Rob Reiner hasn’t made a thriller (or, arguably, thrilling movie) since 1994’s A Few Good Men — unless you, personally, want to make some (any) kind of case for Ghosts of Mississippi — and, since the latter, he’s dealt exclusively in the department of romantic comedies or nostalgia pieces. While that’s all well and good for his generally nonrestrictive, easy-going career, a change of pace and return to the Misery days is in store.
THR has learned that, on his next outing, Reiner will tackle a Cape Fear-like psychological piece titled You Belong to Me. Despite that quick comparison, however, he’s only doing this film because, in the director’s own words, “it’s hard to find a story that he hasn’t seen before.” What places this apart from the competition? Both “a deep psychological bent” and, of course, “a big twist” that snuck up and floored him, if you’ll allow me to channel Peter Travers for one second.
David Murray has written You Belong to Me, a story in which the lead, a psychiatrist, makes the fatal error of sharing his own personal feelings and thoughts with patients. (The rest of the main cast sounds rather small, what with it also being comprised of a main patient and the protagonist’s wife & daughter.)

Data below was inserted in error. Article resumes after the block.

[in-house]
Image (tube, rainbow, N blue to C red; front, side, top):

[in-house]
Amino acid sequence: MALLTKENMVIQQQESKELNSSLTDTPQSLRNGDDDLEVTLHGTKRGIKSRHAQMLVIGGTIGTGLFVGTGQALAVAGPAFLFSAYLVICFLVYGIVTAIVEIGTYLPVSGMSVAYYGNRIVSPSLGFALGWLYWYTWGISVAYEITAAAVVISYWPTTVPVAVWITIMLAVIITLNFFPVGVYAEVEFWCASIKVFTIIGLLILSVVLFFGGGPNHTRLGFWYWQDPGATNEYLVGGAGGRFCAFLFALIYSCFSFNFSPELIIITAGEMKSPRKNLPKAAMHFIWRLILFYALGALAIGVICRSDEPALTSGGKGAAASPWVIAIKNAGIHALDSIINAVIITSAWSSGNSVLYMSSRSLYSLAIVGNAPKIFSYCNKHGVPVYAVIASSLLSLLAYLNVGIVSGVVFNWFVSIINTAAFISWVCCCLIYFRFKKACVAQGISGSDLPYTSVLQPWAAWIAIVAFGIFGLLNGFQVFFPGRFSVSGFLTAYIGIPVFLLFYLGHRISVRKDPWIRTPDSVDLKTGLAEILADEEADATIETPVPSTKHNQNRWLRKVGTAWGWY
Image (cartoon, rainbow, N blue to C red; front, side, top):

I’ll take Reiner‘s word on this whole “different” and “shocking” element; there’s no real reason for him to go back to the genre, anyway, so something really catching his attention in this manner, ideally, means we can expect a different spin on the well-worn. Now, if it’s really any good is the big question we’ll have to ask from here on out.
Southpaw Entertainment and Stone Village will produce You Belong to Me, which will begin shooting this fall. The director’s next film, The Magic of Belle Isle, will be released in two weeks.
Is there any curiosity about Reiner jumping back into the genre?
Since any New York cinephile has a nearly suffocating wealth of theatrical options, we figured it’d be best to compile some of the more worthwhile repertory showings into one handy list. Displayed below are a few of the city’s most reliable theaters and links to screenings of their weekend offerings — films you’re not likely […]
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